Drive down any major road and you’re likely to see plastic bottles and other kipple littering the shoulders. Sometimes it’s just too tempting to declutter the interior of one’s car at the expense of the surrounding landscape.
But what if that trash could be put to good use — as the road itself?
Roads in the Dutch city of Rotterdam could soon be paved with recycled plastic. Called PlasticRoad, the concept is being promoted by KWS Infra, a unit of the Dutch construction conglomerate VolkerWessels, according to Autoblog.
The company claims PlasticRoad could last up to three times longer than traditional road surfaces, and withstand temperatures ranging from minus 40 to 176 degrees Fahrenheit. However, there are still some unknowns, including how the material behaves when slippery.
Switching to plastic creates environmental benefits both from using recycled materials and, KWS claims, from reducing the use of asphalt. It says asphalt is responsible for about 2 percent of global transportation carbon dioxide emissions.
PlasticRoad’s design is also meant to speed up construction. It would be built in sections off-site, reducing construction time from months to just a few weeks, KWS claims. The sections are also hollow, allowing for pipes and electrical cables to be run beneath the surface, and lighter than traditional roads.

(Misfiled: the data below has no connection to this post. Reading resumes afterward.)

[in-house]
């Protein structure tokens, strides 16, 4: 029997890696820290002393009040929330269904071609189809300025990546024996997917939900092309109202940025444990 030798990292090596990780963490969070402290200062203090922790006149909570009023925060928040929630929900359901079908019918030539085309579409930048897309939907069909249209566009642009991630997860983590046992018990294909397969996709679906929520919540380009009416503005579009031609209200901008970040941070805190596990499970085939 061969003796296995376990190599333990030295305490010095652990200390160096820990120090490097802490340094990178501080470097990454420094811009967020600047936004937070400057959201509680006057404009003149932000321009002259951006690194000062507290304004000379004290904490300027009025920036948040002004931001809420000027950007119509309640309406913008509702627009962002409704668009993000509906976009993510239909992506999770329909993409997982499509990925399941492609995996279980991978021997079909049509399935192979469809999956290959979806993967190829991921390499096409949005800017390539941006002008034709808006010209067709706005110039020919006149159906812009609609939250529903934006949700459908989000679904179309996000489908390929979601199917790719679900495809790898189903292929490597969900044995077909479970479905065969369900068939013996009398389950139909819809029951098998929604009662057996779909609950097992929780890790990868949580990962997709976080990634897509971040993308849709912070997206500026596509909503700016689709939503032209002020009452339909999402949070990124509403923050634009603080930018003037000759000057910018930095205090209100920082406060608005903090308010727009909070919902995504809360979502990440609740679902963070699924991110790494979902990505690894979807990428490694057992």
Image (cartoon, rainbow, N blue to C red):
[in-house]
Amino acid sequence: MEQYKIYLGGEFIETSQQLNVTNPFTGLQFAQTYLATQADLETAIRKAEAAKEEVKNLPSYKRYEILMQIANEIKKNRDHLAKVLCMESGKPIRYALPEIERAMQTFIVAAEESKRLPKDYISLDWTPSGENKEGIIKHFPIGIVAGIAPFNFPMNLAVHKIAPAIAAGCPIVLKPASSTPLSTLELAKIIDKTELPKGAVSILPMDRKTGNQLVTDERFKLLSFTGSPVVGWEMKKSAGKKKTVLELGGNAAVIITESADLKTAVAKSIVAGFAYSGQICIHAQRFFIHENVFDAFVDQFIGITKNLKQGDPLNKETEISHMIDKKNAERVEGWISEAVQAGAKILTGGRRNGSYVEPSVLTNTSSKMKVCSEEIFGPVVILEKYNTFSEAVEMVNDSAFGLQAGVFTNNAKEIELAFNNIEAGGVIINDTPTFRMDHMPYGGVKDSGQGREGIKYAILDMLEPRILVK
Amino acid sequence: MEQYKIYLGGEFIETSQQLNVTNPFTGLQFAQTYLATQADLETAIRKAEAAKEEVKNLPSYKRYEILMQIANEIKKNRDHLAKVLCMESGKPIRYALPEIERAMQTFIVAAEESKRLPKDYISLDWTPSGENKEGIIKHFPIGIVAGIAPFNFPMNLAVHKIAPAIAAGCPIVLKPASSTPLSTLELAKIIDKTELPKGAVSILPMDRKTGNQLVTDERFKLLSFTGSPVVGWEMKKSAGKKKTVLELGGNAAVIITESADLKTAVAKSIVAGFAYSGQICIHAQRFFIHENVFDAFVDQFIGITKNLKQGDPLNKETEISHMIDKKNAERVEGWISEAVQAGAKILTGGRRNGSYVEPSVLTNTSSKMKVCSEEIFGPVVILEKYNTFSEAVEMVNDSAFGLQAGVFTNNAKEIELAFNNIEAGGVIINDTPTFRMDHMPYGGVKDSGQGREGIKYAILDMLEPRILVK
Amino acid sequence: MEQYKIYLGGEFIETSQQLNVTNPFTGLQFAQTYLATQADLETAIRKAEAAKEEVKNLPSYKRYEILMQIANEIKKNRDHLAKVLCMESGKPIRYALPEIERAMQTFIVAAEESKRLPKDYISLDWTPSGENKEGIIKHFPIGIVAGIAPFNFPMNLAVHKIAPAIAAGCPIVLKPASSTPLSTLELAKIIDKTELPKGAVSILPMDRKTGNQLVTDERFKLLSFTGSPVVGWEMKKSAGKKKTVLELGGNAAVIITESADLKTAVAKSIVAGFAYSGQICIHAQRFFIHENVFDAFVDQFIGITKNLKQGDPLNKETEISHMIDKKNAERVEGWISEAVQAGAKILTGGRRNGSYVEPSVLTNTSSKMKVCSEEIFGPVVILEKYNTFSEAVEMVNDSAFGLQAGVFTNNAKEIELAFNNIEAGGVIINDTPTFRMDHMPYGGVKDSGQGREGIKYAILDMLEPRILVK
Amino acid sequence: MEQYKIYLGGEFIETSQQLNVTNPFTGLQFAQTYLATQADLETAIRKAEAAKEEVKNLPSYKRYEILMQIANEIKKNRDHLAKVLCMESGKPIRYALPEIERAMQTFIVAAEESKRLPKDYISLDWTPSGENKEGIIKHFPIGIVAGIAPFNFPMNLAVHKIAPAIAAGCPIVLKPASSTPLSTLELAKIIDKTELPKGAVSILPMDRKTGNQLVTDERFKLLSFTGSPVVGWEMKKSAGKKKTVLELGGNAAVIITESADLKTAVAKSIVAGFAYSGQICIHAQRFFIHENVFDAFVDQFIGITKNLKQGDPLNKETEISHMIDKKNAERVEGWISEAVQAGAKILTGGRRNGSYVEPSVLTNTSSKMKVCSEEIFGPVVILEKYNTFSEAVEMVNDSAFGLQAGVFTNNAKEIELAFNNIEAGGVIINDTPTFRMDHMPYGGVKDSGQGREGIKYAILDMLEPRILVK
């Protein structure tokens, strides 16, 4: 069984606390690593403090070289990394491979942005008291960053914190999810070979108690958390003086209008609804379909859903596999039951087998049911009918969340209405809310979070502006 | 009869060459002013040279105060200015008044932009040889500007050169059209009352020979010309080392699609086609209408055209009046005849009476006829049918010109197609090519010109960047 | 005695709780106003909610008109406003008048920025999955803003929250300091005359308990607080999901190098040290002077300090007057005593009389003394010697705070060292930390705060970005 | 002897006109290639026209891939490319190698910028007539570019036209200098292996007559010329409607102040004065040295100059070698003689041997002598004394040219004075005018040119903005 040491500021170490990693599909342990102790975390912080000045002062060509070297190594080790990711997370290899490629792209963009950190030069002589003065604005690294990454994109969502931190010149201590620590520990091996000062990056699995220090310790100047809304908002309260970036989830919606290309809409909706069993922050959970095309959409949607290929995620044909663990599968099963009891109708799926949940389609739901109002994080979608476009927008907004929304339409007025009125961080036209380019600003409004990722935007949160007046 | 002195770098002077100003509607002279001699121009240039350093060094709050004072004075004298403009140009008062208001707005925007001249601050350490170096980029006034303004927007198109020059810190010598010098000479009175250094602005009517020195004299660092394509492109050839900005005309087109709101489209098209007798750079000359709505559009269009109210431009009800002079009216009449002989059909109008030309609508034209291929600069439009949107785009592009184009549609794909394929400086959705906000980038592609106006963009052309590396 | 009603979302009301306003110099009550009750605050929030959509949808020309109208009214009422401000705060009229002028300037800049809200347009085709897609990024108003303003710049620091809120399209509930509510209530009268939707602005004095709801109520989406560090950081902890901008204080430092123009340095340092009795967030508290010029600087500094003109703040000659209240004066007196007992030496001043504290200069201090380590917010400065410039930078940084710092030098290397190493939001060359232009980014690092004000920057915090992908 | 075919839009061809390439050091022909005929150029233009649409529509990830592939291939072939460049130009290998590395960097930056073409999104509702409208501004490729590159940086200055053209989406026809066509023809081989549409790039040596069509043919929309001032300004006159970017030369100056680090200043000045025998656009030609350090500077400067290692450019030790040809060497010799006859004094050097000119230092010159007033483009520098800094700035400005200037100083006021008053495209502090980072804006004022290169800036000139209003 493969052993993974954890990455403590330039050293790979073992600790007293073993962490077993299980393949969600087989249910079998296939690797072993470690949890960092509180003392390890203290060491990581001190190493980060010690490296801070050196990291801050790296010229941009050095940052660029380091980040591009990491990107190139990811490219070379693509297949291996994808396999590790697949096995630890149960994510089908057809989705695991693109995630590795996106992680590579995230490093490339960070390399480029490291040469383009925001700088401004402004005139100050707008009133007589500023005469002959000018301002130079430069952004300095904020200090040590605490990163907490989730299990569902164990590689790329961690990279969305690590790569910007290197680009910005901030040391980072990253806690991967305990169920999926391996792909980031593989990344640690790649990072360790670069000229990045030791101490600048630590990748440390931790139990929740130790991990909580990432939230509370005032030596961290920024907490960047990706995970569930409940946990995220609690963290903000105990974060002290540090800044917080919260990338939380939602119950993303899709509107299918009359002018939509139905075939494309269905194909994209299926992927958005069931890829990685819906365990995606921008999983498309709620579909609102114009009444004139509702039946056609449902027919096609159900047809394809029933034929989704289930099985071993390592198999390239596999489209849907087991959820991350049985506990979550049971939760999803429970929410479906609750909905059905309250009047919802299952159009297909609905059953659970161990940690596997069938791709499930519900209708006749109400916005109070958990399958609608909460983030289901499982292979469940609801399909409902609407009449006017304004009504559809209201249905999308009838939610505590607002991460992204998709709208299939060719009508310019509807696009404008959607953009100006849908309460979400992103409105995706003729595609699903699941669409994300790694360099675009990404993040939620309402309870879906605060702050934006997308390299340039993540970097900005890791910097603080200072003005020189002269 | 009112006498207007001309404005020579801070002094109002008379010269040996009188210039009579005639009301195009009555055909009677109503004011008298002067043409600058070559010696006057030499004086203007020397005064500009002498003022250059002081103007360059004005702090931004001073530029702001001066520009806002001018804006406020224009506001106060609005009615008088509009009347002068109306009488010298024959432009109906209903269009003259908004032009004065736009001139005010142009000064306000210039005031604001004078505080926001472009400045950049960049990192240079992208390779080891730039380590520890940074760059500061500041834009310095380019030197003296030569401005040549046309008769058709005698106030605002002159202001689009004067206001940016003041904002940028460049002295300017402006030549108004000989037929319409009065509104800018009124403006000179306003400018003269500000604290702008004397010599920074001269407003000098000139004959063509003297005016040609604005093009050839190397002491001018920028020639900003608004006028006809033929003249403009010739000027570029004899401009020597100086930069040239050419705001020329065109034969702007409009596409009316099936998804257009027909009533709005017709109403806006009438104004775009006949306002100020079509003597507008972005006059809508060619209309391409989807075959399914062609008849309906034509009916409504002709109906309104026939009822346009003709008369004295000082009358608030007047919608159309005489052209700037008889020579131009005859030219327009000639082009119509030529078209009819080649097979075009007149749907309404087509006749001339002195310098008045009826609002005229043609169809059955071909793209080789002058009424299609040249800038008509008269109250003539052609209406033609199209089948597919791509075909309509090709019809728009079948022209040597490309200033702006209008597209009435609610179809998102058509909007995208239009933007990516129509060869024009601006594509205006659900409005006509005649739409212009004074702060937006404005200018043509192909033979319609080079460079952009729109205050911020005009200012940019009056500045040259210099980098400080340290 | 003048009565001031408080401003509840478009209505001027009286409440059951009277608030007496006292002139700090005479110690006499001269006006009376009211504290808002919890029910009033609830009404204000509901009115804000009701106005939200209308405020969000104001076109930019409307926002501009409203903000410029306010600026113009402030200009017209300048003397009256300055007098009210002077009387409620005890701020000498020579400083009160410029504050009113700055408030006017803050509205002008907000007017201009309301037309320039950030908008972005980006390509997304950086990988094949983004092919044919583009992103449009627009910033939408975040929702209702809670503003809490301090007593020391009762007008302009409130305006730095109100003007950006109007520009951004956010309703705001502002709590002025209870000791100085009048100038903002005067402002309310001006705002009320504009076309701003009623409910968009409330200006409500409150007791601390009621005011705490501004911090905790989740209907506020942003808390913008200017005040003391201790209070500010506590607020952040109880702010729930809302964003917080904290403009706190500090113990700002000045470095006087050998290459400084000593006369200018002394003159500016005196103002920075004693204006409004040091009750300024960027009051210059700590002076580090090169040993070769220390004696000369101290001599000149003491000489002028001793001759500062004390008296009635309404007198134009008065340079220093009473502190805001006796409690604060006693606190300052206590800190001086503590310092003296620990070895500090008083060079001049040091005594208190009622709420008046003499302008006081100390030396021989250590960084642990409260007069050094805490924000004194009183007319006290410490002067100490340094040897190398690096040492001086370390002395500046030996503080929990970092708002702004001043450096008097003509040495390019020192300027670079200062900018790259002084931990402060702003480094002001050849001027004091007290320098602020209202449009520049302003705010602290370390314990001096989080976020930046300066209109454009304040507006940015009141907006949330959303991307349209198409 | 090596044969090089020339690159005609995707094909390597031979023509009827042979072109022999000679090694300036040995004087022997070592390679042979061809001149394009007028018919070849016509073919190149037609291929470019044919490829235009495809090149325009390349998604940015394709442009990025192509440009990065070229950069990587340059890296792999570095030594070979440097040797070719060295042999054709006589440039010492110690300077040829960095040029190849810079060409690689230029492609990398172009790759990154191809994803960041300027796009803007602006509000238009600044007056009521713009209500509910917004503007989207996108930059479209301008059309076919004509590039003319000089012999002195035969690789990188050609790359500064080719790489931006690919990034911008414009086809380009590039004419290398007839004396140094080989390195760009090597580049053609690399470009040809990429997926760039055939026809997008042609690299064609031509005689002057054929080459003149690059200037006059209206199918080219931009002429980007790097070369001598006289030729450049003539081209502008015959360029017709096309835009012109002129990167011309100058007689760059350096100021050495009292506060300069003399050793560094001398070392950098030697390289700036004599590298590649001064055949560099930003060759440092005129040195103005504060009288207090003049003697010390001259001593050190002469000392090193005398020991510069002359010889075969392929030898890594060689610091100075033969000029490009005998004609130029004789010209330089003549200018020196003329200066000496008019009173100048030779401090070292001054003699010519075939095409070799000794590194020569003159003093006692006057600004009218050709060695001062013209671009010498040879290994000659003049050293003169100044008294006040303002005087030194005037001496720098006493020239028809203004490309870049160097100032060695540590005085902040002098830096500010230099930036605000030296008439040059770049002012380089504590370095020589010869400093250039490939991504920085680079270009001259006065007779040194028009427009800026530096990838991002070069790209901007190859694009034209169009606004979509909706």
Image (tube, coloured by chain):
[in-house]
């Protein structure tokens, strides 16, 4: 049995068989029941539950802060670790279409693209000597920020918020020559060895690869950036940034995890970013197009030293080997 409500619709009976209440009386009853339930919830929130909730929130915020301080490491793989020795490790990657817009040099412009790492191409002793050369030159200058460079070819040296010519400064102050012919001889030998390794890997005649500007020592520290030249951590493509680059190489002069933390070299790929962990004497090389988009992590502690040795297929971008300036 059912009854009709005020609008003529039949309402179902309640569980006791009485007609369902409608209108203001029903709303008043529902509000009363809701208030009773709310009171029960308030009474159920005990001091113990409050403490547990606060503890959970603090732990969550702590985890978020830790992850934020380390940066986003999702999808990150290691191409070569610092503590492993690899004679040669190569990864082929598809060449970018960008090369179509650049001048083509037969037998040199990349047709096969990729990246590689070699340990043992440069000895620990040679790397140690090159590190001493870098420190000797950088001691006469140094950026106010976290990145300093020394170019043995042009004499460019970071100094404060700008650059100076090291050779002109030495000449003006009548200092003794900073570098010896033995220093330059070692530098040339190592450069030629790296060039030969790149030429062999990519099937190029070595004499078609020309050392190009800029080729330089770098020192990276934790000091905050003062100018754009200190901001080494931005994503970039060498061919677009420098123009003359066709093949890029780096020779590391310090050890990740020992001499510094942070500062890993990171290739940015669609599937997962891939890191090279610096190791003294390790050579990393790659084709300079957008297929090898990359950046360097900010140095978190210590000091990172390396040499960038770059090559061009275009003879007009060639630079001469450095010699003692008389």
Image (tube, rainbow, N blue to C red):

The Rotterdam city council said it was considering a pilot program for the new technology. The city also has a “street lab” where further testing can be done. However, KWS says the first sections of PlasticRoad probably won’t be laid for at least three years.
KWS wants to continue laboratory testing, and is looking for other companies and organizations to partner with it on a pilot project in Rotterdam. That includes finding companies in the plastics industry to supply materials.
PlasticRoad is a novel idea, but like every new technology, promising lab results may not necessarily translate into real-world performance. For one thing, plastic roads will have to be pretty durable, as patching potholes seems kind of difficult. So does replacing the hollow sections with pipes and cables running through them.